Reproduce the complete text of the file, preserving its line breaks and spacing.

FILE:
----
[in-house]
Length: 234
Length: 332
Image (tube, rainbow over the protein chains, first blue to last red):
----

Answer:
[in-house]
Length: 234
Length: 332
Image (tube, rainbow over the protein chains, first blue to last red):